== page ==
U.K. Cuts Onshore Wind, Solar Aid; Boosts Turbines at Sea
The U.K. government said it expects 40 billion pounds ($65 billion) of investment in renewables by 2020 after shifting incentives toward offshore wind power and away from projects on land in areas where residents object.
The Treasury published a list of final “strike prices” for electricity from renewables in its national infrastructure plan today, cutting support for solar parks and onshore wind farms and raising them for turbines at sea. The sums represent the guaranteed amount that generators earn under long-term contracts designed to stimulate investment in low-carbon energy.
“This package will deliver record levels of investment in green energy by 2020,” Energy Secretary Ed Davey said in an e-mailed statement. “Our reforms are succeeding in attracting investors from around the world so Britain can replace our aging power station and keep the lights on.”
Prime Minister David Cameron has faced opposition from rural communities to expanding wind farms and solar parks, which some residents say are a blight on the countryside. The government must balance those concerns with the need to attract 110 billion pounds ($180 billion) to replace aging power stations and meet renewable energy and carbon targets.
The government is trying to spur offshore wind in an effort to boost U.K. jobs and manufacturing. Those have been set back in the past month after RWE AG (RWE) scrapped a 4.5 billion-pound offshore project, and Centrica Plc (CNA) said it’s still deciding whether to push ahead with another.
The energy department said today that deployment of 10 gigawatts of offshore wind power by 2020 is “achievable,” while emphasizing that figure doesn’t represent a target.
Sixteen renewable power projects are in the pipeline to receive contracts guaranteeing energy prices, Davey’s department said. Almost 11 gigawatts of onshore and offshore wind have planning consent and are awaiting construction, compared with total installed renewable capacity of over 20 gigawatts at present, the department said.
Two of Drax Group Plc (DRX)’s units were included in the list of projects that have progressed in their bids for contracts. Shares of the company, which runs the U.K.’s largest coal-fired power plant and has already converted one of six units to run on biomass, rose to their highest since October 2008. The government confirmed incentives for those biomass plants would be unchanged from an earlier draft proposal.
Eggborough Power Ltd. has also progressed to the next stage in its bid for contracts guaranteeing power prices for coal units converted to run on biomass, the Energy Department said. Denmark’s Dong Energy A/S advanced with bids for three offshore wind farms.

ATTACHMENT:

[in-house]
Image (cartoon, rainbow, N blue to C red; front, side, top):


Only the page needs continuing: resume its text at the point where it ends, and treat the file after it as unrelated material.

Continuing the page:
The guaranteed price for onshore wind was cut to 95 pounds per megawatt-hour from 2015 and 90 pounds from 2017. That’s lower than draft levels proposed in June for 100 pounds and 95 pounds in those years. Support for large-scale solar farms was cut by 5 pounds in 2015, 2016 and 2017 and by 10 pounds in 2018.
“The price we’re willing to pay for onshore wind and large-scale solar plants is coming down,” said Chief Secretary to the Treasury Danny Alexander. Even so, “the need for investment in our energy sector is enormous.”
The level offshore wind will get from 2018 was raised by 5 pounds to 140 pounds.
“Today’s cuts to onshore wind and solar support schemes show how quickly the cost of clean energy technologies are falling,” Greenpeace Policy Director Doug Parr said in an e-mailed statement. “It’s right ministers should now put emphasis onto helping drive down the cost of offshore wind so that the U.K. can reap the rewards of new turbine factories and thousands of new jobs.”
The U.K., with almost 3,000 megawatts of wind turbines installed at sea at the end of 2012, has more offshore wind power than the rest of the world put together, though at present none of the turbines are made domestically.
Government spending on environmental measures has become a political focal point after five of the nation’s “Big Six” energy providers raised bills to consumers.
Ed Miliband, leader of the opposition Labour Party, pledged to freeze prices if he wins the election due in 2015. The government responded by reviewing surcharges to energy bills that pay for green and social programs, resulting in changes to energy efficiency programs announced two days ago.
The revisions also show a continued push-back against large-scale renewable projects on land.
Energy Minister Greg Barker said in July that the government planned guidelines for large-scale photovoltaic plants designed to “preserve heritage assets and beautiful countryside.” Former energy minister John Hayes last year made similar comments about onshore wind, saying more weight should be given to aesthetics when making planning decisions.
The government also in June announced higher payments to communities that host onshore wind farms, and introduced guidance for planning authorities to ensure local residents are consulted earlier about applications for the installations.
In a separate announcement, the Department of Energy and Climate Change proposed raising incentives to companies and communities that install renewable heat facilities, including biomass boilers over 1-megawatt, deep geothermal, combined heat and power plants, ground-source heat pumps, solar thermal installations and biogas burners.
“It is vital that we get the level of support right so that the market can invest with confidence, cost reductions can be achieved and the market can grow sustainably,” Barker said today in a written statement to Parliament.
To contact the reporter on this story: Alex Morales in London at firstname.lastname@example.org
To contact the editor responsible for this story: Reed Landberg at email@example.com